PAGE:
Garden And Gardener

Everything for the Gardener and their Garden

Got a new plot?

by Diane - January 22nd, 2013.
Filed under: allotment.

First allotment advice

You should first assess what you have got. If it’s a foot deep in snow it can be very hard to work out where your allotment starts and finishes so you might need to wait until the snow has melted.
Measure the plot (or ask for measurements) and draw a plan.
Walk round the plot and try to identify what has been done previously. Obviously on a brand new untouched plot then you don’t have to worry about digging up an asparagus bed, or disturbing other perennials.

Work out what beds system has been put in place. Try to identify what is there, or has been grown recently. Look for areas with brassica crops in – these are likely to be standing still – and are easily identifiable. Look for evidence of crops left behind to rot. Mark everything down, take photos and ask questions of other plot holders who might remember.

Anything sticking up above ground should be investigated.
Anything underground that you discover needs identifying before you dig the whole area up.

If you clear areas that you have identified previous annual crops then you can start on your allotment. Remember crop rotation rules. If you can’t identify what something is then take a photo and ask someone with more knowledge.

Start things in pots so when you’ve prepared a bed you have something to plant.

If you have large areas that need hard work on then cover them up and work on them bit by bit. Aiming to dig an entire plot in a weekend isn’t feasible – a rotavator could do it if the soil was in reasonable condition but it is still hard work!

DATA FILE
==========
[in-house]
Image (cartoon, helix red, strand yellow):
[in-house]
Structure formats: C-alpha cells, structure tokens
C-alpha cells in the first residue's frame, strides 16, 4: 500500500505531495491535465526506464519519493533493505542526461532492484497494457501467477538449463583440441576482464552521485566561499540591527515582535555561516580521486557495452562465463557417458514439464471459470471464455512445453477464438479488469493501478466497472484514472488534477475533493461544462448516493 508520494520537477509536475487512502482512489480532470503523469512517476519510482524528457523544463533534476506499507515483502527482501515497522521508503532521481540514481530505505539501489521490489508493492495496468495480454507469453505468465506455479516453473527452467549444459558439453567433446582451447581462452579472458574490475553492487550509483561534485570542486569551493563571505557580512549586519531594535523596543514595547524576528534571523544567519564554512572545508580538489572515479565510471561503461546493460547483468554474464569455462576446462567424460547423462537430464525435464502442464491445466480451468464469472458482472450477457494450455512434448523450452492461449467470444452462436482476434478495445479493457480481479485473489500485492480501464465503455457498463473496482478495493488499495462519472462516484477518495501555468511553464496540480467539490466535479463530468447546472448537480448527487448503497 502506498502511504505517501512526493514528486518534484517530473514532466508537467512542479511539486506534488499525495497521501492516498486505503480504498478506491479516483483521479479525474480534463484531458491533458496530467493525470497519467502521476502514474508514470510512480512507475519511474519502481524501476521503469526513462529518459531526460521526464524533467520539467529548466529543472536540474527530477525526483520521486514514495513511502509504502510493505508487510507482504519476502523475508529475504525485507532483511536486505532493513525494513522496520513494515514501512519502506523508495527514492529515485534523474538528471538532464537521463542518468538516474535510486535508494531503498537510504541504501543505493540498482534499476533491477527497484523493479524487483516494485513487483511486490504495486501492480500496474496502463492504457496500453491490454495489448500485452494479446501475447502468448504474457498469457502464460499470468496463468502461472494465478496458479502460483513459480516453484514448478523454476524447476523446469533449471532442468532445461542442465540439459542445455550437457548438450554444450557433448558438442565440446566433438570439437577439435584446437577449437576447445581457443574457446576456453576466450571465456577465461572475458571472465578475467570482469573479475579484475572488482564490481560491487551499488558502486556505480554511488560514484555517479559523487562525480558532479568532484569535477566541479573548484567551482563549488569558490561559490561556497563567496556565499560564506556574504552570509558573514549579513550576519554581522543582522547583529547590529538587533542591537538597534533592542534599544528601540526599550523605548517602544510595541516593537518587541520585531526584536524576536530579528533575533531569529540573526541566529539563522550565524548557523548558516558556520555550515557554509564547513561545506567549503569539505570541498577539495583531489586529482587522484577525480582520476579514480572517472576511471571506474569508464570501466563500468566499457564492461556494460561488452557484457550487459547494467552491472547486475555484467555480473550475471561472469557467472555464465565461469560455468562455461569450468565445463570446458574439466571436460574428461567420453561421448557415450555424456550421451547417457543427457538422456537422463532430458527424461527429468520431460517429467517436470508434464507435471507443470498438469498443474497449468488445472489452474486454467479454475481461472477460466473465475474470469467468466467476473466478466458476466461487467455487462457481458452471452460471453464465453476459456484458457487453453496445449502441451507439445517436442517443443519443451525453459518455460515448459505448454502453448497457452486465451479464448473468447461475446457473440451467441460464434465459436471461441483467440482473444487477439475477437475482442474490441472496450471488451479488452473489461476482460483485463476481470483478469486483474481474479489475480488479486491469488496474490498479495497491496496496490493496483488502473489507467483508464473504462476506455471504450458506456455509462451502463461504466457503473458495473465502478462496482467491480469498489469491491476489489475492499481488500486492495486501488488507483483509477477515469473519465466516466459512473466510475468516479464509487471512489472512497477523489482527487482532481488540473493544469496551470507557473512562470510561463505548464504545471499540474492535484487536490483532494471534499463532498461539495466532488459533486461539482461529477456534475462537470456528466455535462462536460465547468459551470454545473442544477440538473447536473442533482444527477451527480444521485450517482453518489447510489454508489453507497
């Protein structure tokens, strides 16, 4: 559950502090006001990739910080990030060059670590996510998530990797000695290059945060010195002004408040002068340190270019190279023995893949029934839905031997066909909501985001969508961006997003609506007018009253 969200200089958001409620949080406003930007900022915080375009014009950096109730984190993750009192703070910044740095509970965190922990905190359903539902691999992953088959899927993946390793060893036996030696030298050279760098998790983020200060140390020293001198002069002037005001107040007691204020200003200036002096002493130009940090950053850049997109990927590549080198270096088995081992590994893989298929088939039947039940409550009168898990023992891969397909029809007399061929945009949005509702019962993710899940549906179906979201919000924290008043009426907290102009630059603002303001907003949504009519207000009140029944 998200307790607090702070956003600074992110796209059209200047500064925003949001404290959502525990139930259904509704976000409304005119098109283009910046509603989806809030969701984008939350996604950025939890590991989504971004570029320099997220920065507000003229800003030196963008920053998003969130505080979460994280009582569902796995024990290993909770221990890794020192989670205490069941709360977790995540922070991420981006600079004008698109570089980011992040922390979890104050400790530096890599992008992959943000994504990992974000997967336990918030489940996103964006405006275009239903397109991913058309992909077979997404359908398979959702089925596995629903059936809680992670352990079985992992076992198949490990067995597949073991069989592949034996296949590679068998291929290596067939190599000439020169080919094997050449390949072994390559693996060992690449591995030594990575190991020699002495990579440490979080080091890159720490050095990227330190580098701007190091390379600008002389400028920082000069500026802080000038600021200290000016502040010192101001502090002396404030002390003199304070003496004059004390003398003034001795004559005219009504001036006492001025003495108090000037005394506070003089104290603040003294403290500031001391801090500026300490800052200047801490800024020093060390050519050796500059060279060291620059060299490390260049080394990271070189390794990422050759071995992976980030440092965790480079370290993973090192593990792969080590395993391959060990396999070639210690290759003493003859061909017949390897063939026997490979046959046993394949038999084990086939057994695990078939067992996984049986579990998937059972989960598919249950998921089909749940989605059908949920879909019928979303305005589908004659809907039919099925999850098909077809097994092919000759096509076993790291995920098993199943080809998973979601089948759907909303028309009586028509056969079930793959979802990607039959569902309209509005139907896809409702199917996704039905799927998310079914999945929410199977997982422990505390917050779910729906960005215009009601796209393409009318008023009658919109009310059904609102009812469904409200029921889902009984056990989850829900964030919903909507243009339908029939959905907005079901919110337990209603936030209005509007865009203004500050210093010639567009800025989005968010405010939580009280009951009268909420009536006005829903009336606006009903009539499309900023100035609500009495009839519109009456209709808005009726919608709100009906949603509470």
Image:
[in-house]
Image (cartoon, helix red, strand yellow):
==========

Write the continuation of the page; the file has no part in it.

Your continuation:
Use cardboard or weed suppressant sheet material to cover soil. Fix it down so that it doesn’t blow away when it gets windy.

Spend time deciding what you want to grow on your plot. This will be influenced by what is already there – if you have a fruit tree then you should probably keep it. If you don’t want it then offer it to someone on the allotment. They might even dig it up for you. Fruit bushes are worth keeping: raspberries, blackcurrants and gooseberries are good traditional plants on an allotment.

Ask on your site about free materials like mulch, or whether you can get manure delivered. There will be someone who will know where to source materials as cheaply as possible.

Break up your week with as many visits as you can rather than one big chunk of time. This is useful in poor weather when you can do a little and then go home and warm up, as well as preventing back strain or muscle ache which seems to be a common affliction for new plot holders.